CAMPAIGNERS against the current voting system want to change the “outdated” way we choose politicians.

Green Party activists gained 50 signatures at a stall calling for a shift from First Past the Post (FPTP) in Leytonstone on Saturday, January 27.

They claim that under FPTP, votes are wasted on the majority candidates in ‘safe’ areas where there is only one likely winner.

Activists, who make up the group Make Votes Matter, want a form of proportional representation used in countries like Belgium, Spain and Denmark.

Under a system of proportional representation, a party which gains 10 per cent of the vote would get around 10 per cent of the seats in Parliament.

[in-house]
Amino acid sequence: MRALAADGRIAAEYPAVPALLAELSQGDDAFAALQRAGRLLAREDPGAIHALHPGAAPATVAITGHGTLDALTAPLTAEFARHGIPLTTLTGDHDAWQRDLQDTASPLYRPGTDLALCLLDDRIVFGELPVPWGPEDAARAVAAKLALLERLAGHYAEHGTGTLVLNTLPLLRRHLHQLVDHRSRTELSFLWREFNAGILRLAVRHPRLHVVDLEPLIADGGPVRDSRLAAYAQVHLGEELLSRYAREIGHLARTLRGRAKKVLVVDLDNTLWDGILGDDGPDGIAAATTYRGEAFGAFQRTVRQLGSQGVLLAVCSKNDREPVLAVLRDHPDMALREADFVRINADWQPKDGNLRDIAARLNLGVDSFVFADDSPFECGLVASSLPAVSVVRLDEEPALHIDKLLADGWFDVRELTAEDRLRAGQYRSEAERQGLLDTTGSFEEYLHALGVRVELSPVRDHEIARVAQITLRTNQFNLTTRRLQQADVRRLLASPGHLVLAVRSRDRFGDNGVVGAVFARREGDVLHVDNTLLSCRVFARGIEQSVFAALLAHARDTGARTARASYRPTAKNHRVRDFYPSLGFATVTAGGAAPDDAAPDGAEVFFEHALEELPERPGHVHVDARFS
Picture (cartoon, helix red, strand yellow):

Opponents of proportional representation argue the system weakens the link between constituents and their MPs.

Voting system activists set up a stall arguing for change in Leytonstone on Saturday, January 27.

Steve Lambert, who organised the stall, said members chose the location with the Labour MP in mind.

He said: “We chose Leytonstone as John Cryer, the local MP, is against improving our present system which is widely seen as out of date for a modern democracy. 

“It was quite a successful day despite the poor weather as we were able to hand out lots of leaflets and got quite a lot of signatures on our petition which will be presented to John Cryer at a later date. 

“This was just the start of our local campaign.”

Types of proportional representation include single transferable vote (STV) and party list proportional representation.

The Guardian has contacted Mr Cryer for comment.